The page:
Public Health: Preventing Suicide

Suicide is a serious concern in the US and it is becoming more common in modern times. The feelings of being stressed, going through depression, or being pressured from outside forces can take a toll on people. So what can we as a society and individuals do to prevent suicide from occurring?

  1. Change the negative perception of those with mental illnesses, disorders, and substance abuse. Often times, people are too embarrassed or ashamed to get help and it could be that they don’t want their problems to be known or allow it to bother other people. “But talking, being open, and making connections with mental health services can make the difference between life and death. Research has uncovered warning signs for suicide. Learn warning signs from SAMHSA’s Suicide Prevention Resource Center exit disclaimer icon and an easy-to-remember warning signs mnemonic from American Association of Suicidology. exit disclaimer icon” – http://www.hhs.gov/
  2. Use public services that are available and always confidential. Rely on your local clinic or go see a therapist to help you or your friend out. Talking about one’s thoughts and feelings can help them organize themselves in terms of how to deal with difficult situations. It’s not easy to open up about sensitive topics but allowing someone in to help and guide them is a step towards a positive direction.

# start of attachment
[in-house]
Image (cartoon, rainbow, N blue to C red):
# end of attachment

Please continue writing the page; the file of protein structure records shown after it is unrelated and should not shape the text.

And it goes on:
3. Acknowledge that suicide is preventable. Let’s talk honestly about this difficult issue, use broad collaborative approaches to address the problem, and do all we can to learn more about how to prevent suicide. Help get the message out.

    If you or someone you know needs help, contact the National Suicide Prevention Lifeline exit disclaimer icon (1-800-273-TALK/8255). Last year the Lifeline connected 1.5 million callers with counselors in their local area. Through a network of more than 160 community crisis centers, the Lifeline also offers specialized support to veterans, Spanish speakers and online users.

Facts:

  • Each year there are more than 40,000 suicides in the US – an average of about 117 every day.
  • Rates of suicide have increased by 28 percent since 2000, and it is the 10th leading cause of death in the United States.
  • Every year some 1.1 million adults attempt suicide and about 470,000 people are treated in U.S. emergency departments for nonfatal, self-inflicted injuries.

Statistics and other information is link here!

 

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